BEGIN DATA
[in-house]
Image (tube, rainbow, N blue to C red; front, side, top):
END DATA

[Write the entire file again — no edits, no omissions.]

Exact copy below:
[in-house]
Image (tube, rainbow, N blue to C red; front, side, top):